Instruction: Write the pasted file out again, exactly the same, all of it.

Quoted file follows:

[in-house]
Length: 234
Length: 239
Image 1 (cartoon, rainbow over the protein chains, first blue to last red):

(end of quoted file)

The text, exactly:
[in-house]
Length: 234
Length: 239
Image 1 (cartoon, rainbow over the protein chains, first blue to last red):